To illustrate this, the following photographs were taken of a ribbon from a paper saddlem placed around a glass globe. In the first photo, the ribbon was distributed all around the globe. In the second it is beginning to bunch around the top. In the third it has been tightly rolled. It is the same ribbon in all three, never cut, just configured differently. An external force (me) pulled them to different configurations. We describe how to make this ribbon in "Unit of the Universe Basics" and refer to it in "Photon in a Fishbowl" and "DNA Demonstrator". If you have made a saddlemniscus, you can follow the instructions to make a DNA demonstrator. Then use the ribbon to do these yourself. The ribbon represents the concentration of mass in the nan gap. So you see, it is not really wrinkled like the sheet.

Figures 3, 4 & 5. The Electron as a Ribbon


Consider the electron to be a standing wave at a more or less stable distance from the central nexus, the proton. The mass of the electron develops from the wave´s nature - its effect upon the veil. The electron has mass because the veil has mass and the wave concentrates it at the first harmonic. Let us look at how the model of the S∞ allows for that.

The electron has a mass much smaller than that of the proton. It surrounds the nucleus. It has a variety of configurations. It has different energies and seeks the lowest energy. Importantly, it can be separated from its proton and they can operate independently of each other.

Recall that in "Intermediate Unit of the Universe" we showed different states that the S∞ can take. One is the spiral form, another is the ruff. The spiral form in Figure 6 shows the proton center and electron shell. The proton-nexus is completely surrounded by the electron shell and veil.

Figure 6. Spiral Form

As energy is taken in, the form goes through the whorl phase. Here the helical planes of the veil become wavy. Eventually the wavy portion dominates and the S∞ is completely in the ruff phase. In the ruff phase, it has an opening at the poles. In that configuration, the proton has a way to escape. If you have ever used a tool to remove a cherry or olive pit, this may look familiar.

Figure 7. The Ruff Phase
Figure 8. Separation of the Proton and Electron

The nexus has become an independent particle along with the inner skirt of veil remaining with it. The electron shell and outer veil then behave as a unit. With no proton, the inner edge of the electron shell can further compress into a tinier sphere, concentrating its mass about a center. At the center is the only true nothing in the universe. Remember that in our system, the universe is filled with innumerable veils of other saddlem. It is what other systems call dark matter. We do not allow any empty space but these central voids.

How far outwards does the electron extend? After all, the veil is infinite in extent. Moreso, we have described the photon as using this property to shine across the universe. This gives a huge problem. Namely how could it possibly assume the variety of shapes we have demonstrated with the ribbon in Figures 3, 4 and 5 above and remain space filling. To answer this, first recollect that when the nexus was formed in three dimensional space it acquired mass and became a different sort of object than the veil from which it was created. We have done a similar thing with the electron to give it mass. As we have described it, the electron has a nature somewhere between veil and nexus. It extends outwards to the second harmonic. The first harmonic is the nan gap. Between it and the farthest extent of the veil there will be another sphere of equilibrium, the second harmonic. That is our extent. More on this when we deal with larger atoms.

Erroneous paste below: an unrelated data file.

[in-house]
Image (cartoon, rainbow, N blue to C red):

Do the veils of other S∞ penetrate this ball of nothing? No, they must distort around it. Here we have added new properties to the veil that have not been dealt with in previous articles.

The electron shell now can exist as an independent entity. It can jump to different energy states without reference to a proton or the remainder of the veil. As a free electron, it is capable of existing at low or high energy states. It can relax back into the spiral phase or wind itself into a point.

Figure 9. The Free Electron


As long as there is still a short skirt of veil about the nexus, it is not purely a proton. It would have a slightly higher mass than a proton. I believe that this is where the neutron originates. The remaining veil is a shell that begins virtually at the boundary of the nexus. It extends out to the nan gap. It stays in place unless affected by a sufficient force. It then departs as a neutrino or other form of mass/energy equivalence. That leaves the proton of the nexus.

This implies that the neutron is more primitive than the proton. There is of course a time when these came into being and a process by which that occurs. That will be dealt with in a future article. What we showed in Figure 8 is a primordial or first time separation. Ordinary atomic processes are mature combinations. Remember, these particles have been separating and recombining for billions of years.


Meanwhile, this free proton is muscling its way around the sea of other veil-nexus combinations which comprise our universe. A proton has mass, but so does a veil. So do all veils. We defined the nexus so that no more veil could be added. It cannot become more three dimensional than it is. We do allow the surrounding region to become soupier.

So we must answer the question, can the three dimensional proton-nexus occupy the same space with a two dimensional veil - even over the tiny space that the proton occupies? No, it will always have some two dimensional shadow in the same plane as any two dimensional veil. In observations of light going around massive objects, it appears to bend. So the veil will not share the same space as a proton-nexus. The nexus transitions to 3-D space just because it cannot compact any more veil into itself. That means that it cannot collocate with veil. To move around through space the proton pushes veil aside. This will create a certain local distortion in space as density increases. It will have a net outwards effect from the proton.


Returning for a moment to the electron, since it has now also transitioned into a 3-D object, it would also forbid the penetration by additional veil. In its free form, it has collapsed around the void hole. So its net effect upon the surrounding veil will be to pull it inwards. The distortion will be the opposite of that created by a proton. It is this opposition in effects that creates the draw between the two.